#1 bestselling author Patricia Cornwell returns to the chilling world of gutsy medical examiner Kay Scarpetta in this classic forensic thriller.
Little Emily Steiner left a church meeting late one afternoon and strolled toward home along a lakeside path; a week later, her nude body was discovered, bound in blaze-orange duct tape. Called by the North Carolina authorities, forensic pathologist Kay Scarpetta recognizes similarities to the gruesome work of a serial killer who has long eluded the FBI But as she tries to make sense of the evidence, she is left with questions that lead her to the Body Farm, a little known research facility in Tennessee where, with the help of some grisly experiments, she might discover the answer.
It is Scarpetta alone who can interpret the forensic hieroglyphics that eventually reveal a solution to the case as staggering as it is horrifying. But she must also endeavor to help her niece, Lucy, who is embroiled in controversy at Quantico. And Scarpetta, too, is vulnerable, as she opens herself to the first physical and emotional bond she has felt in far too long a time. Tenacious and brilliant, tender and gentle, this is Scarpetta even more realized and poignant than we’ve seen her before—in a stunning achievement from a bestselling author at the peak of her powers.
Cornwell ( Body of Evidence ; All That Remains ) casts a wider, surer narrative net in the latest case set for her increasingly complex heroine, Kay Scarpetta, Chief Medical Examiner for the Commonwealth of Virginia. As an FBI consultant, Scarpetta investigates the North Carolina murder of 11-year-old Emily Steiner, whose mutilation suggests the M.O. of an escaped killer met previously in Cruel and Unusual. Forensic clues from the body's second autopsy prompt Scarpetta to request that certain experiments be made at the University of Tennessee's Decay Research Facility, known as the Body Farm. Meanwhile, she, Pete Marino of the Richmond, Va., police, and her new love interest, FBI Unit Chief Benton Wesley investigate the apparent suicide (from autoerotic asphyxiation) of the local FBI agent in charge of the case. Then, Scarpetta's computer-whiz niece Lucy, working at FBI headquarters at Quantico, is charged with violating security. During her travels between North Carolina and Virginia, Scarpetta worries about both the less-than-forthcoming Lucy and Marino, who becomes emotionally entangled with Emily's beautiful stricken mother. Results at the Body Farm lead her to a convincing, if abrupt, resolution. Deeper characterization and a more intricate plot mark this fifth in a consistently compelling series. 500,000 first printing; paperback rights to Berkley; audio rights to Simon & Schus ter; Literary Guild selection.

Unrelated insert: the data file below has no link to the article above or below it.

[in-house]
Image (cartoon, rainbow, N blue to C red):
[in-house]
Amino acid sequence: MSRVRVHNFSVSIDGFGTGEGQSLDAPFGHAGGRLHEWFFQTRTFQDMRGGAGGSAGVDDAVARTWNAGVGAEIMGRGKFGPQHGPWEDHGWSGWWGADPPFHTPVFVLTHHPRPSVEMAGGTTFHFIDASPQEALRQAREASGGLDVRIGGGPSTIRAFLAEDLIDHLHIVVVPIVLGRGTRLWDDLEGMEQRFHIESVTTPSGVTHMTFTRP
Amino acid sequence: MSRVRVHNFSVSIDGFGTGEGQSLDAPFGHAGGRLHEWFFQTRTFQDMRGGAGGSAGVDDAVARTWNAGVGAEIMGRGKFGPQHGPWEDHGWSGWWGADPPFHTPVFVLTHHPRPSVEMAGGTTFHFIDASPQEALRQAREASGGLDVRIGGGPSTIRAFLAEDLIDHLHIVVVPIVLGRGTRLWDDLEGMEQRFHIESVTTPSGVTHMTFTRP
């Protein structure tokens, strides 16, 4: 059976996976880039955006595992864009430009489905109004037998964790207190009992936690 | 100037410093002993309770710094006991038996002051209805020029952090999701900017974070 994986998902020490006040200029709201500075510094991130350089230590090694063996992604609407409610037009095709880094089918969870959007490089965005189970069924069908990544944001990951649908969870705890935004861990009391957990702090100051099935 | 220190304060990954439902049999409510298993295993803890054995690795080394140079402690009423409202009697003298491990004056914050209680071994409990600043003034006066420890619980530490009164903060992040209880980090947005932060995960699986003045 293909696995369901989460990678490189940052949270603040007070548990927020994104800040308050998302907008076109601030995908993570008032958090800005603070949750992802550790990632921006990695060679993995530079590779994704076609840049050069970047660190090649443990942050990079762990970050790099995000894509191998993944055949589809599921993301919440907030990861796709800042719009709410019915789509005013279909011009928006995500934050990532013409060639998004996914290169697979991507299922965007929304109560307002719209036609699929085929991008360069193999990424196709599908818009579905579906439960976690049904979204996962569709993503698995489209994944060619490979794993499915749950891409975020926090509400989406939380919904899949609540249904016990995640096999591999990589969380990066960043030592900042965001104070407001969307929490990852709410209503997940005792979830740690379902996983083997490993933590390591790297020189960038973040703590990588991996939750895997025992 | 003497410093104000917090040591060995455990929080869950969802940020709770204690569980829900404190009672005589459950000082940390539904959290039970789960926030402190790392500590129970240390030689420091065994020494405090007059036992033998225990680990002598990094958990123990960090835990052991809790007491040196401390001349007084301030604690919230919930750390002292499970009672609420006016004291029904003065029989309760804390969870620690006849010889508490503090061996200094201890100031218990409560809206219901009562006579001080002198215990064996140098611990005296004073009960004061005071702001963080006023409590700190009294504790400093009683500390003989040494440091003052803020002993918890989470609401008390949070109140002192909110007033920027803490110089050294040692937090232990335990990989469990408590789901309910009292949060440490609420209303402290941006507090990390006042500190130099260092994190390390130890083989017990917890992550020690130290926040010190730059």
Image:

The body farm
Good story with some tweets ad turns but basically a Cornell thriller
Not a new title
Originally published in 1994. Only the ebook is 2010. Nice trick.
The Body Farm
What an incredibly informative book. Before reading Patricia Cornwell, I had no that the University of Tennessee had such a program, nor that such experiments were being performed on donated bodies. At first I was taken aback. It also reminded me of the two criminals in Edinburgh, Scotland, who not only obtained corpses illegally, by digging them up from cemeteries, they actually started to kill people to sell their bodies to the medical school in the Edinburgh to medical students at the University of Edinburgh Medical School. They were eventually caught and executed.
I’ve gotten off the point. In The Body Farm, it is explained how people donate their bodies to the school so that the PhD students, coroners, law enforcement, etc. can study how different bodies decompose in different situations. Such as, a body knifed, rolled up in a Persian rug, put in a hollowed out log and left out in the open air during the hottest part of a summer in the Deep South. The wrapping will delay decomp to a degree, but the fact that blow flies cannot reach the body as soon as they usually would, means time of death is not readily apparent to the law enforcement officers. I loved this series in the beginning, but later books were not my cup of tea.